Types of Health Coverage
There are many kinds of health coverage. Each type of insurance plan or coverage program has rules that you must follow to get care. Many people buy an insurance plan on their own or through their employer. Other people get health care through public programs. This tells you about common kinds of health coverage.
Many Californians have health care benefits supported or administered by a federal, state, or local government program. Public supported health care coverage programs include:
Medi-Cal is health insurance for people with low incomes. Most peoples with Medi-Cal have Managed Care plans, which are like HMOs. You can apply for Medi-Cal through the
Covered California is a marketplace where Californians can choose a health plan and often are eligible to receive federal tax credits to help pay the premium. Covered California plans are primarily HMOs, PPOs, and EPOs.
Medicare is the federal health insurance program for people who are 65 and older, and for some people under 65 who have a disability. Medicare Advantage plans are usually HMOs and PPOs. Traditional Medicare (or Original Medicare) is more like fee-for-service health insurance.
Veterans health benefits are available to many people who served in the U.S. armed forces or were called to active duty in the Reserves or National Guard. Benefits are also available to some family members of certain eligible veterans.
In addition to the full-coverage programs listed here, there are also some programs that provide coverage for specific health conditions or needs. See
Limited-Scope Public Programs.
Kinds of Insurance Plans
Most Californians have an HMO, PPO, or EPO. Some Californians have a fee-for-service plan, but that is less common.
- An HMO (health maintenance organization) has a network of health care providers. These are the doctors, hospitals, labs, and other providers in the plan. You must get your care from these providers. Learn about
- A PPO (preferred provider organization) also has a network. You usually have a greater choice of providers in a PPO. Learn more about
- An EPO (exclusive provider organization) also has a network similar to an HMO. Similar to a PPO, you can usually go to a provider without a referral from your main doctor.
- Fee-for-service insurance (indemnity insurance) usually costs more than HMOs and PPOs, but it gives you greater choice of doctors. Usually, you pay part of each bill, and the doctor bills your insurance company for the rest.
High-deductible health plans
Some HMOs, PPOs, EPOs and fee-for-service plans are high-deductible plans. High-deductible plans have lower premiums but higher deductibles, compared to typical health plans.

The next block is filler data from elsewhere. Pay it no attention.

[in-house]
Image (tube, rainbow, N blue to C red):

Group vs. individual plans
You may have an HMO, PPO, EPO or fee-for-service plan through your job, or you may buy a plan on your own.
If you have health coverage through a job or union, you have group coverage.
Some group plans are self-insured and have special rules. If you buy health insurance on your own, not through a job or union, you have individual coverage.
Under health care reform changes in 2014, individual coverage has more benefits and rights and is similare to group coverage in many respects.
What is a HMO
- An HMO (health maintenance organization) is a kind of health plan.
- An HMO has a network of doctors, hospitals, labs, and other providers in the plan. You must usually get your care from providers in the network.
- You must have a main doctor, called a primary care doctor.
- You must get a referral from your main doctor for services such as lab tests, x-rays, specialty care, and most other types of care.
- Your HMO or your doctor's medical group must pre-approve most services.
- You cannot use out-of-network providers unless your HMO gives pre-approval, you have an emergency, or you are traveling and need urgent care.
- You must live or work in the area served by your HMO. This is called the service area.
What is a PPO
- A PPO is a preferred provider organization.
- A PPO has a network of doctors, hospitals, labs, and other providers. These are called the preferred providers. You usually pay less when you get your care from a preferred provider.
- You can use out-of-network providers, but you may have to pay more.
- You can get many services without a referral.
- You can get many services without pre-approval.
- You must live in your PPO's service area.